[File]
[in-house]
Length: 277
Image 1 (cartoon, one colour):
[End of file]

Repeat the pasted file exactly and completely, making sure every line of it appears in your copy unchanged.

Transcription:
[in-house]
Length: 277
Image 1 (cartoon, one colour):